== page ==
How our trade and investment has changed over time
Now we all know bilateral trade between Australia and China has increased markedly.
In the last year of last century the value of total two-way trade between Australia and China was $12 billion. Over the following 10 years this had increased by around 600 percent - to $85 billion in 2009.
And by the turn of the century the pace was quickening - the value of two way goods trade to China now is 32 times what it was 20 years ago
China comprised only 2 percent of Australia's total goods trade in 1989, yet now it accounts for 20 percent of our total goods trade.
The level of foreign investment by China in Australia has also increased strongly over the past decade – rising by around 430 percent since 2001.
In 2009, the level of foreign investment by China in Australia stood at around $17 billion.
The level of foreign investment by Australia in China has also increased over the past decade – rising by around 240 percent since 2001.
In 2009, the level of foreign investment by Australia in China stood at around $6 billion.
It's perhaps not adequately recognised that China is the largest foreign buyer of Australian education services. In 2009 there were about 165,000 Chinese students enrolled in Australian education courses (high school through to vocational and higher education). That's approx 27 percent of the education exports market, or more than $6 billion.
Australia is also the third largest destination for Chinese students studying abroad (behind the US and UK). We punch well above our weight in terms of international students – and that includes China.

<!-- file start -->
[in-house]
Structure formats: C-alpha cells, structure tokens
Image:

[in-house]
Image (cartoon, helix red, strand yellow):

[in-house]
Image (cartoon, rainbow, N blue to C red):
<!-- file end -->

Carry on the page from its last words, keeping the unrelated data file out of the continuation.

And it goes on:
Tourism is another vital area of our economic relationship. China was the second largest market for Australia in terms of what the economic experts call total inbound economic value (TIEV) - worth $2.8 billion of in 2009 – or 11.2 per cent of total. Only the UK is higher.
And in terms of tourism growth over the past decade – China is the highest of any of Australia's largest markets sitting today at more than 20 percent. Meanwhile China is the sixth largest destination for Australian outbound tourists.
Australia's financial services sector: a new frontier of trade
While the trading relationship today is still a story dominated by the resources, construction and manufacturing headlines – I do want to speak with you about Australia's growth as a financial services market.
Australia has a sophisticated and advanced financial sector. It contributes over 10 percent of GDP to the Australian economy; this is more than mining. It's more than manufacturing.
- We have some advantages over financial services hub competitors:
- We're an educated and mobile workforce;
- We have political stability;
- There's the proven success of Australia's macroeconomic policy framework;
- A sound legal and regulatory framework; and
- A strong corporate governance culture.
Australia's financial system continued to function well throughout the Global Financial Crisis.
Overall, Australia's institutions remained profitable and well-capitalised, and this allowed them to continue to lend throughout the crisis.
Only 9 of the hundred largest banking groups in the world are rated AA or above – and four of those are Australian.
Even at the height of the crisis, no Australian bank, building society or credit union required an injection of government funds
And last month the Australian financial services heavy hitter AXA Asia Pacific was granted "local status" by the Chinese authorities - so instead of being allowed access to just 5 percent of the China market, AXA Asia Pacific can have access to 100 percent of this enormous market in partnership with China's biggest bank.